The halls of @$$hole HQ were dimly lit that cold holiday night. The fire was growing low and the shadows long. Wrapped in a Star Wars comforter in front of a computer monitor was the Moderator, the omniscient and lonely voice of reason, who usually haunted the halls of @$$Hole HQ, keeping things peaceful and orderly, and offering guidance to the rambunctious ramblers that make up the AICN Comics reviewing team. On the glowing green screen before him, the @$$Hole inbox was full of reviews, but something was different. Usually, the Moderator would race to get the reviews posted on AICN as soon as possible, but not tonight. Tonight, the Moderator’s temperament was as cold as the winter air, but little did he know, all of that was about to change…
Bah! All the @$$holes ever do is gripe about comics. They never have anything positive to say. After reading these reviews, I just want to tell them to give up comics altogether. I may just join them and forget about doing AICN Comics columns forever.
Just then, the wind blew open the doors, startling the Moderator out of his easy chair. Struggling with the harsh winter wind, he finally managed to slam the door shut. The echoes of the Moderator’s effort against the elements filled the lonely room for a moment, then all went silent. Until…Moooooo-deratorrrrrrr!
Are those the haunting groans of the crypt I hear? What’s that stirring in the darkness? A spectre? A spook?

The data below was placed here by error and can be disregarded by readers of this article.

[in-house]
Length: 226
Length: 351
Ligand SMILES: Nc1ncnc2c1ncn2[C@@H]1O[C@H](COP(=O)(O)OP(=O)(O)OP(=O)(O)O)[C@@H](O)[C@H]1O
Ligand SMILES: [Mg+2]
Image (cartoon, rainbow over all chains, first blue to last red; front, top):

Oh, it’s just you, Schleppy. What do you want, @$$hole mascot, smelly monkey, and thorn in my side?Schleppy’s faithful steed, Gonzalez, bring Schleppy here for a reason. You seem to have lost faith in duh @$$holes.
Well, you’re right, you malodorous primate. All they do is bitch and moan about the state of comics today. I swear, I don’t think there is anything out there on the shelves that will please them. All of this griping and groaning makes me want to give up.Dat’s why Schleppy and Gonzalez are here. To show you dat even duh @$$holes can say positive things on Christm@$$! Tonight, you will be visited by three…or four…or maybe seven @$$holes.
Wait, Schleppy! Where are you going? Are you going to disappear into the ether again?No, Schleppy will be sitting over here in duh corner next to Gonzalez.
Oh.Maybe eating a buh-naner. And Gonzalez will busy himself somehow too.
oh.Prob’ly by licking his testicles.
…Here’s Humphrey Lee
Okay. You all know by now (or at least you should) that WATCHMEN is arguably one of the best (if not THE best) comics of all time. I'm not going to try and convince you of the book’s quality here because you've already been there and done that. What I am going to do though is tell you that this deluxe hardcover with slipcase is well worth your $75 if you're a fan, or you have a loved one who's a big fan of this work. The re-colorization of this book is absolutely amazing, making art twenty years old seem surprisingly fresh, and even though there's only about fifty pages of extras, they're all very interesting. The character breakdowns and rough sketches are nice to see, and being able to read Alan Moore's script for the first issue is a joy if you like the more "behind the scenes" stuff. All in all a great upgrade for a wonderful book and well worth the money (especially if you decide to hit Amazon or whatever for it and get it at less than cover price).